Star Trek Fans: The 50th anniversary of “Star Trek” led to a number of interesting panels and events at the convention. The “Star Trek Beyond” premiere took place at Comic-Con and reports recounted an emotional scene in the wake of the death of the Chekov actor Anton Yelchin. Also, the new Trek television/web series in production was revealed to be named “Star Trek: Discovery” with a ship that looked like the vintage that was used around the time of the early “Star Trek” movies.
I celebrated the milestone with the full-capacity Star Trek writers panel that was headlined by legendary showrunner Ronald D. Moore (Battlestar Galactica and Outlander) and Shane Black’s collaborator Fred Dekker. Also on the panel were other Trek writers Naren Shankar, Michael Sussman, and Robert Hewitt Wolfe. The event was moderated by Mark A. Altman, who had a new oral history of “Star Trek” to promote. Much of the time on the panel was spent discussing the careers of the writers, including Moore’s highly unlikely rise from random fan with a spec script to showrunning superstar.
Rob Liefeld: The creator of Deadpool had spent 25 years talking about being close to various movie deals but the breakthrough success of the film “Deadpool” finally associated his name with a film hit. The Hollywood Reporter ran a story the day before the convention began that Liefeld had been signed by the WME agency in what was seen as a move toward Liefeld ramping up his potential Hollywood projects. Unlike all of the talk in the past, this time Liefeld seemed poised to make some real moves.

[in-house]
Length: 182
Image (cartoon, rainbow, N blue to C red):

“Aliens” Fans: James Cameron and the major players from the “Aliens” were on hand to celebrate that film’s 30th Anniversary. Besides Cameron, the panel included co-producer Gale Ann Hurd and stars Sigourney Weaver (Ripley), Bill Paxton (Hudson), Michael Biehn (Hicks), Lance Henriksen (Bishop), Paul Reiser (Burke), and Carrie Henn (Newt). That was quite a collection and very much about fan appreciation with examples such as Paxton saying his trademark line “Game over man” at one point. Henn also worked in “Affirmative” as a gag questions answer, herself proving to be an interesting story since she had left acting to become a 4th grade school teacher. Oddly enough, the panel also included a wedding proposal between some fans in the audience via an unconventional use of the Q&A microphone – a hijacking that one had to hope would not become a trend.
Sausage Party: The raunchy Seth Rogan-led animated comedy from Sony Pictures scored a positive reaction from the press after having a sneak preview screening and it gained publicity online with an explicit trailer. The film was apparently better than most would assume and that positive buzz should help its release in later August.